Notes: Ayala tells different story
Reliever says stranger, not friend, shot him on hunting trip
VIERA, Fla. -- Nationals reliever Luis Ayala reported to camp on Thursday and talked about getting shot in December. His version was different than the one his agent, Joe Longo, gave on Jan. 4.
Ayala was on a fishing trip with a friend in Mexico on Dec. 26. According to Longo, Ayala's friend's "quick-triggered gun" accidentally went off and the bullet grazed Ayala's left biceps.
But Ayala claims that the friend did not shoot him. He said a hunter in the woods accidentally shot him. The hunter was looking to shoot birds in the lake.
"It was an accident. Some people were hunting and some people were fishing," Ayala said. "I didn't know where the bullet came from. We were fishing in a bad spot. We saw some guys and they said, 'Sorry.'"
An exam revealed a bruised nerve in Ayala's biceps. The righty is currently experiencing a slight tingling sensation that is common with a nerve contusion to this area of the body. X-rays of Ayala's arm show that small fragments of the pellet remain in the arm, but those will not be touched because they have not caused any problems.
Ayala said the arm is not 100 percent and showed the area where he was shot. It looks like a pink dot on his biceps.
"I need a couple of more weeks and I'll feel good," he said. "I can play catch. I can do everything."
Ayala said his right elbow, which was surgically repaired in 2006, is 100 percent and he wants to be the pitcher that appeared in a career-high 81 games in '04 for the Expos. Last year, manager Manny Acta was cautious when it came to Ayala's right arm. After coming off the disabled list on June 20, Ayala appeared in 44 games and had a 3.19 ERA.
" I made a good comeback last year," he said. "Now, I'm healthy. I'm available to pitch [a lot of innings]."
Guzy is in the house: Shortstop Cristian Guzman arrived in camp and his agent, Stanley King, said this year is important for the switch-hitter. Guzman, who is in the last year of a four-year, $16.8 million deal, has played only 46 games over the last two years and hit .219 in 142 games in 2005.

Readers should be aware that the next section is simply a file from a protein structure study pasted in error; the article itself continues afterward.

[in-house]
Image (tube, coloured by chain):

"He likes it here in Washington," King said. "He is disappointed about the injuries. He knows he has so much he has to offer. If Washington goes in another direction, it's important for him to be able to show that he could play at a high level. It's an important year for him. There no getting around it."
A great first step: After taking batting practice at the Nationals' training complex, first baseman Nick Johnson started running the bases for the first time in camp and didn't have a noticeable limp. Johnson would run to second as if he had hit a double, then scored on a double. The session lasted 10 minutes.
The new stadium: With 38 days to go, the Nationals have sold over 17,000 full-season tickets for 2008. By Opening Day, it will be around 18,000, which is a 20 percent bump from last year at Robert F. Kennedy Stadium.
The first game at the new park will be March 29 against the Orioles at 6:05 p.m. ET. The reason the game is in the evening is because of the National Marathon in Washington..
Accounted for: Righty reliever Jesus Colome is expected to fly in from the Dominican Republic on Thursday and report on Friday.
Did you know? The Nationals went 11-17 during the 2007 exhibition season.
Stat of the day: During his career, third baseman Ryan Zimmerman has hit .286 with runners in scoring position.
Bill Ladson is a reporter for MLB.com. This story was not subject to the approval of Major League Baseball or its clubs.